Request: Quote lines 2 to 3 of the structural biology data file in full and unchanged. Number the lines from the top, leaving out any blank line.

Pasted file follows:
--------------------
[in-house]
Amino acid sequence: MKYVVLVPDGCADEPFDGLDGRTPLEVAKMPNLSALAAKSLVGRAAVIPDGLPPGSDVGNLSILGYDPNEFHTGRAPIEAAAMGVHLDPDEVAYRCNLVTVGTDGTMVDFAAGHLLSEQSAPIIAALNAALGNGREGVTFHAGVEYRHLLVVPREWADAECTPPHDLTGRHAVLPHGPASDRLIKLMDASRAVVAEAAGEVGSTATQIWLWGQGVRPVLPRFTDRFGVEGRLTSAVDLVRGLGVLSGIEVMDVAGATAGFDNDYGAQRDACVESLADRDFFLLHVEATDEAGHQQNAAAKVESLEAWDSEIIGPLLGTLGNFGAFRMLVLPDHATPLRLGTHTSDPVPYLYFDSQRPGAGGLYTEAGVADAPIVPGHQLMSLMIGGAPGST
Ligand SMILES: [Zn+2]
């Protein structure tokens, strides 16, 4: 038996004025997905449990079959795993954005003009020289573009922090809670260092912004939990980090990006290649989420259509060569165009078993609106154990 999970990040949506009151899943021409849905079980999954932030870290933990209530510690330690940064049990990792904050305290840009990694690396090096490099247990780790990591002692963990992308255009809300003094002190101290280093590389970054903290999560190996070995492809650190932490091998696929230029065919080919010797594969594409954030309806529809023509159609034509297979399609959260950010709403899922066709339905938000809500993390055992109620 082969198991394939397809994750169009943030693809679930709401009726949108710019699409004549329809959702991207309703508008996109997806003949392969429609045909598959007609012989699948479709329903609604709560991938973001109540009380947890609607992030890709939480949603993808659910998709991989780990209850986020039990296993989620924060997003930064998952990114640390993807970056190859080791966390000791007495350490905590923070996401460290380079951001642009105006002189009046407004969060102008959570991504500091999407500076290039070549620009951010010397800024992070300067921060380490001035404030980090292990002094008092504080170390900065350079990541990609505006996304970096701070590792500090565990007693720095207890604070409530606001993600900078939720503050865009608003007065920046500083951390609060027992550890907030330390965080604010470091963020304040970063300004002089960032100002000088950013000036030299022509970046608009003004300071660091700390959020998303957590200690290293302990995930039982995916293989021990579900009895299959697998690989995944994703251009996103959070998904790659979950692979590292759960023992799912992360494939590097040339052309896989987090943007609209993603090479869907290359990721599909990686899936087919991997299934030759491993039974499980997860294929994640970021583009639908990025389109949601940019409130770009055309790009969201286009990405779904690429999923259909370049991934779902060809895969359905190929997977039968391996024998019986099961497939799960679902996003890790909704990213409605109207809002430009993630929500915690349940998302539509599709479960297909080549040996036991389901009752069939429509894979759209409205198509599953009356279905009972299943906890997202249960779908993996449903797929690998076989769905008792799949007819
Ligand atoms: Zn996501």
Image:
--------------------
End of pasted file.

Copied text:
Amino acid sequence: MKYVVLVPDGCADEPFDGLDGRTPLEVAKMPNLSALAAKSLVGRAAVIPDGLPPGSDVGNLSILGYDPNEFHTGRAPIEAAAMGVHLDPDEVAYRCNLVTVGTDGTMVDFAAGHLLSEQSAPIIAALNAALGNGREGVTFHAGVEYRHLLVVPREWADAECTPPHDLTGRHAVLPHGPASDRLIKLMDASRAVVAEAAGEVGSTATQIWLWGQGVRPVLPRFTDRFGVEGRLTSAVDLVRGLGVLSGIEVMDVAGATAGFDNDYGAQRDACVESLADRDFFLLHVEATDEAGHQQNAAAKVESLEAWDSEIIGPLLGTLGNFGAFRMLVLPDHATPLRLGTHTSDPVPYLYFDSQRPGAGGLYTEAGVADAPIVPGHQLMSLMIGGAPGST
Ligand SMILES: [Zn+2]